There is no point in adding my 2 cents to the pile on this film, except to say, “WOW!” This was far more fun, silly and action packed that I could have ever hoped for. Go see it. I don’t care if you don’t like comics, go see it. You will have fun, and that is all that matters with a film like this. I never thought this would be a failure, but I never expected it could be this good, or this successful at the box office. With an opening weekend of $207 million (blowing past HP 7 pt 2), it will be a hard opening weekend to beat. This movie is almost certainly going to hit half a billion dollars in domestic box office, and could challenge Avatar if it doesn’t falter too much in the next two weeks. Not likely, but it is possible.
The real reason for this Avengers related post, is to do what comic book movies almost always fail to do. I want you to read more comics, so I will mention a few Avengers comics that people who enjoyed the film might like. This will be more or less divided into 2 groups, modern and classic. The division is because the classic stuff, while a great read, is very dated and comes off as a bit silly at times. While well written for comics of the day, these books just don’t pack the serious tone and darker, more realistic style of the newer ones. Many modern readers will just not be able to connect with them as they will seem trite and simplistic, with too much over written dialog.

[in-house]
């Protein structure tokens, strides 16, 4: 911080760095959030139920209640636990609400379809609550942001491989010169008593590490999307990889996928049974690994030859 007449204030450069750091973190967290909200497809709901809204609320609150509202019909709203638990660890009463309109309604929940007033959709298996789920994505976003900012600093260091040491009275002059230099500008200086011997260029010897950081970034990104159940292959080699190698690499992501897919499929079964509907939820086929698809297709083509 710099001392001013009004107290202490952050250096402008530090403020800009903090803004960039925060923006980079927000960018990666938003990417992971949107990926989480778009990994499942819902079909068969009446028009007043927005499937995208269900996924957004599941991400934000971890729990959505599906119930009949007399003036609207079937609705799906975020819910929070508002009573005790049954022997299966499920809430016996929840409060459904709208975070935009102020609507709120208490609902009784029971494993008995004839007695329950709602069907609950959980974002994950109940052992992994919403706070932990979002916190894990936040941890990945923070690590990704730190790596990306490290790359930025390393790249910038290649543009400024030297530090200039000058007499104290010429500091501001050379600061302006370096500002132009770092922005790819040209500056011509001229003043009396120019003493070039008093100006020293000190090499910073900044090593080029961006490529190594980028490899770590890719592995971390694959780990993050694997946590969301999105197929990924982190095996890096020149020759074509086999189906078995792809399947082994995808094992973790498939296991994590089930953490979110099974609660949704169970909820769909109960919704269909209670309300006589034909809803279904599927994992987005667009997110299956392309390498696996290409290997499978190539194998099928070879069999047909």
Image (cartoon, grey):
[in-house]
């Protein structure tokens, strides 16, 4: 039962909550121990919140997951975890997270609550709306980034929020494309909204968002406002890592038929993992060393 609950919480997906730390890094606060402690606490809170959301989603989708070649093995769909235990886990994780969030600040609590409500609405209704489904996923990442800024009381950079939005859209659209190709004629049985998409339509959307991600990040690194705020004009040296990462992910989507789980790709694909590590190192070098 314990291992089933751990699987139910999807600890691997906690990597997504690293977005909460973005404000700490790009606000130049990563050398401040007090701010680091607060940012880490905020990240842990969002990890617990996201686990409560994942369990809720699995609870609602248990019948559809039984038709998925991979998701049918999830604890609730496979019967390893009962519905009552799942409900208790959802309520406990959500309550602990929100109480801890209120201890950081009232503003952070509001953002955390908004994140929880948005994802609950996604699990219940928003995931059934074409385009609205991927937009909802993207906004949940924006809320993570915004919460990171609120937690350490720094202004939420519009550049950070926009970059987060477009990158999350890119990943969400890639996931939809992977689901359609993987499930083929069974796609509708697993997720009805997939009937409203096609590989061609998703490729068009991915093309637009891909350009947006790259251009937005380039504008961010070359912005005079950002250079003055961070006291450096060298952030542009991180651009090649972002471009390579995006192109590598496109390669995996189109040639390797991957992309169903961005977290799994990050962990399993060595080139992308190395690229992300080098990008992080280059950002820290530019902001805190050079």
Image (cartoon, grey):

One of the more interesting classic books was The Kree/Skrull war, available as a trade or hardcover collection, the Chitauri of the film are a different version of the Skrulls. Written by Roy Thomas and drawn by John and Sal Buscema and Neal Adams, this was the first really good cosmic Avengers story. There are a few beats from this that ended up in the film.
Another classic story would be the Korvac Saga, written by Jim Shooter. While not one that ages well, it is a decent story that showcases the team dynamic well.
The last of the great classic stories on my list, and one that is unfortunately not collected in any form yet is the runs of (primarily)writers David Micheline and Roger Stern. With art by George Perez, this was the run of stories that really defined the title in the 1980’s and is still my favorite run on the book. Now if Marvel would just get it into a reprint volume that would be great. This run was from the 180’s to the early 200’s and also featured art by John Byrne, among others.
Staying with John Byrne as we go into the transition years where the stories started to develop the more modern sensibility, is Byrne’s run on a couple of Avengers titles. The better, more noteworthy run is on the West Coast Avengers book where he redefined the Scarlet Witch and the Vision characters. This run really pissed off some fans who didn’t like that Byrne upset the apple cart so dramatically, destroying a much-loved romance between these two characters that had lasted for over a decade. The Darker than Scarlet and Vision Quest storylines have been collected in trade format, and are well worth the read.